The Entrepreneurship Challenge

Wichita was built by pioneering entrepreneurs with the guts to risk everything to build something new. Today, our city's entrepreneurial opportunities seem to be missing.

Watch this short video to learn more about the Entrepreneurship Challenge and what it means for Wichita.


Wichita was built by entrepreneurs.

These were pioneers with the guts to risk everything in order to build something the world had never seen before. That spirit carried Wichita through decades of economic change. It created value from aviation, oil, agriculture and even franchising.

That spirit is still in Wichita. The ideas haven’t gone away, either. But Wichita native and business analyst James Chung finds that the entrepreneurial leaders and supporters this city once relied on to seize new opportunities seem to be missing.

Entrepreneurship no longer drives Wichita like it used to. ... Based on population size, Wichita should be seeing 10 to 20 million dollars in venture capital flow coming into Wichita. ... But it’s seeing, many years, zero.James Chung

Along with hardly a trace of venture capital, Wichita is seeing relatively few startups and almost no noticeable private equity investments. The last investment that made big waves in Wichita was in 2005, when Onex launched Spirit AeroSystems with around $105 million in funding. Chung says that kind of investment should be happening every year.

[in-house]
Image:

“Can you imagine if there’s a bet on something that could be Spirit that drops into Wichita every year?” he says. “Not all would succeed, but Wichita would be a really different place if it had stuff that capital flow could find.”

Can you imagine if there's a bet on something that could be Spirit [AeroSystems] that drops into Wichita every year?

Wichita still has a core built on entrepreneurship. And low living and labor costs could provide a much-needed catalyst for explosive growth, but the types of people that spurred job creation are no longer in Wichita in the high concentrations they once were.

Getting this population back will take more than a focus on entrepreneurial infrastructure like incubators and work spaces. It takes creating a culture that encourages investment and inspires innovation in the entrepreneurs already here and the ones to come.


Learn more about the Business Cycle Challenge

Learn more about the Human Capital Challenge

Learn more about the Perception Challenge


Learn more about the Four Challenges

Dig deeper into the findings and explore James Chung's report

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